Last night Ted and I went to a performance of the Baltimore Fiddle Fair (not the Baltimore in America). The best I can say about the first half of the performance is that I don’t often get to use the word “soporific” in casual conversation. It reminded me of a review my father got when he was quite young: “Murphy played the part quietly. So quietly, in fact, one occasionally glanced at him and wondered what he was doing on stage.”
Ted, who is much kinder than I am, said the poor man was very, very nervous. I believe that this is probably true, but I have never in my whole life seen a performance with so little energy. The songs ranged from maudlin to suicidal with two forays into something up-tempo but still quite miserable in content. The fellow could sing better than Mark Knopfler, but not much. He had no stage presence at all, and the music did nothing to enliven the utter lack of personality on stage. Furthermore, he had a band with him, and they were as boring as he was. The female vocalist had a sort of warm burr to her voice that might’ve been nice to listen to with almost any other kind of music. The violinist (actually, the violinist reminded me of Questionable Content‘s Hannelore physically, only without the quirky personality) made me think, several times, “What’s the difference between a violin and a fiddle?” There was a guitarist, but I couldn’t see him through the head of the man in front of me. They could all /play/, but my God. I pretty much had a nice little shut-eye for the forty or so minutes of his set, and hoped to God the next half would be better.
Fortunately, it was. :)
It was a bit of a ceili session, though wholly structured. Rather than all fiddlers, though, which I kind of expected (what with the name “Fiddle Fair” and all), it was a bodhrán, a fiddle, a flute, an accordian, and a guitar. The guitarist was great. He made me think that if you took Christopher Eccleston and put him on David Tennant’s frame, gave him a broad combination of the 9th and 10th Doctors’ physical schticks, made him Irish and handed him a guitar, he was what you’d get. *laugh* Which is quite a lot to take in, isn’t it? :) But he was wonderful. Lots of fun to watch, and he and the bodhrán player kept trying to work each other up and out-do the other, which was very funny. :)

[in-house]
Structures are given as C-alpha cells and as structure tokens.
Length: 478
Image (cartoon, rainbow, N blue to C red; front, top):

The bodhrán player himself was fantastic. He did a solo in which he made the drum make sounds I’d never imagined it could. :) It was wonderful, and he got a stupendous amount of applause for it. Made me feel kind of badly for the accordian player, whose solo had preceded him and who didn’t get nearly the outrageous response, but, well, he wasn’t nearly as impressive. He was very *good*, mind you, just not mind-blowing.
The fiddler picked up a whistle at one point and said, “We’re going to attempt…” then paused, said, “Really what I mean to say is, I’m going to attempt these two pieces, and Michael’s going to cover for me,” and indicated to the sound guy that he should turn the volume way up on the flautist’s mic and it way down on his. :) But he did quite well, though the look they exchanged at the end suggested he’d screwed up in ways I didn’t catch. :)
I couldn’t tell you any of the names of the pieces they did, although they did a cool reel from the Brittany area, and indeed, it did not sound like an Irish reel at all, which was interesting to my ears. The guitar player sang a few songs, none of which I knew, but he had a very nice Irish tenor sort of voice. Overall, it was well worth going to, though Jesus God, if I ever see something with that guy as an opening act again I’ll come late. @.@
On a related topic, there’s an empty space right across the street from the opera house that desperately needs a dessert and coffee house in it. There’s nowhere in Cork you can go for a late night bite after a show, which just seems so very, very strange to me, and that place would be so perfect. Sadly, we have not yet won the Euromillions, and so there is no dessert and coffee house in our future. :)